...is the most exciting. This period is marked by tremendous innovation, high hopes, and grand ambition. "Aha!" ideas flow readily. Since there are no experts, everyone can compete, and it seems as if everyone does. Easy entry into the field draws myriad players. For instance, when telephone networks began, there were few standards and many contenders. In 1899, there were 2,000 local telephone firms in the American telephone network, many of them running with their own standards of transmission. In a similar vein, in the 1890s, electricity came in a variety of voltages and frequencies. Each local power plant chose one of many competing standards for electrical power. Transportation networks, ditto. As late in the railroad era as 1880, thousands of railway companies did not share a universal gauge.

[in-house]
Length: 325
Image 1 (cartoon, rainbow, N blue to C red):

Two examples of networks in the prestandard stage today are online video and e-money. You have the choice of many competing protocols with equal prospects. With both domains, the uncertainty level is high, but the consequences of being wrong are minimal. Little is locked in, so it's easy to change.